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10 Unknown Facts about The Japanese Language

We are confident that you have seen the popular web videos highlighting Japan’s distinctiveness. The Japanese develop the most intriguing things, from their ramen vending machines to their square watermelons seen on bullet trains to their smart toilets. And have you been to the Yokohama Cup Noodle Museum or sampled their square watermelons? No? When visiting Japan, we urge you to take in these sights and sounds.

Did you realize that, in addition to Japan, the Japanese language includes a wealth of intriguing information? People all around the world are becoming interested in studying Japanese as a result of the global popularity of anime and manga. Japanese will be spoken by more than 126 million people as of 2021, according to Statista.

There are many other facts about the Japanese language exists that people don’t know yet. You may hear some of them if you are a part of the Japanese language learning courses.

facts about the Japanese language

Thought-provoking Facts about the Japanese Language

1. There are several Japanese methods to refer to “I”

You address yourself as “I” in English. There are numerous ways to express “I” or “me” in Japanese, depending on the context, the speaker’s social rank, gender, and situation. Typically, a Japanese language textbook will simply demonstrate how to use Watashi ().

It doesn’t demonstrate how to alter the first person pronoun in light of many contexts encountered in daily life. The most popular methods to say “I” or “me” in Japanese are demonstrated in this blog.

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2. There are four alphabets in the Japanese Language


Sometime in the third century, this character was introduced in the Chinese script. Over 50,000 characters make up the logograms that make up the Kanji alphabet.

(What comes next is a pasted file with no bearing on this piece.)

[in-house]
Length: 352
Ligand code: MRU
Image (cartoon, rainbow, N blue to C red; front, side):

Hiragana is the fundamental writing system used in Japanese. The curly Hiragana characters resemble the English cursive in form.


They are typically employed for emphasis and are utilized for loan terms like company names, food names, and animal names.


The usage of Latin script, Romaji is Japanese for “Roman letters.”

3. The Japanese language is the only official language of Japan

Japan has only one official language and it is their local language. This does not, however, imply that the language is solely spoken in Japan. For instance, Japanese is regarded as a minority language in the Republic of Palau. 10% of Hawaiians and 1% of Californians, respectively, speak Japanese as of 2010!

4. It is uncertain where the Japanese language came from.

The roots of the Japanese language are still unknown. According to some accounts, Japan first encountered the Japanese language in the early and middle of the second century BC. Some claim that the Ural-Altaic language family, which also includes Turkish, Mongolian, Machu, and Korean, is related to Japanese. Japanese and other Austronesian languages, such as Polynesian, have many commonalities.

The reconstruction of the ancient Japanese must be used because there is no direct evidence that can be found regarding this time in Japanese history.

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5. The Japanese language Is a Stand-alone and Unique Language

Kanji is a Japanese writing system that was adapted from Chinese characters. Contrary to common perception, the Japanese language is not at all linked to or descended from the Chinese. They are not a member of the same family of languages as Chinese. The Japanese language is said to be one of the most distinctive in the entire globe and is claimed to have no clear derivation!

6. The Japanese language lacks tones

Compared to English, the Japanese language is monotonous. The tone is a common feature of several East Asian languages. Thai and Mandarin, for instance, rely on tone to communicate meaning. The words and phrases in Japanese have a certain rhythm and cadence, much like those in all other languages. Learning the Japanese language’s rhythm can be complex and difficult for non-native speakers.

7. In Japanese, there are no plurals

There is no distinction between stating “There is a spider” and “There are spiders” in Japanese. Therefore, it may be challenging to distinguish between reports of a spider in your room and reports that a swarm of spiders has invaded your home.

8. There are no articles either

Japanese also doesn’t distinguish between the letters “a,” “an,” and “the.” While English speakers of Japanese don’t have as many issues with this, Japanese speakers of English have trouble with it.

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9. It’s Nihongo

The native Japanese name of the Japanese language is Nihongo, even though we just refer to it as Japanese.

10. 7th most popular language for Internet use in 2021

Japanese will continue to be the most widely used language online in 2021, according to Statista. It follows Indonesian/Malaysian, English, Chinese, Spanish, Arabic, and Portuguese. Since 2011, it has been on the list.

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